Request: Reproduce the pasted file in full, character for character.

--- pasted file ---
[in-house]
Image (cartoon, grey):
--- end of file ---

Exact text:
[in-house]
Image (cartoon, grey):